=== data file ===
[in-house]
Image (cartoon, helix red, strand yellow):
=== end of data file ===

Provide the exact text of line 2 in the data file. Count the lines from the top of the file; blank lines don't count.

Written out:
Image (cartoon, helix red, strand yellow):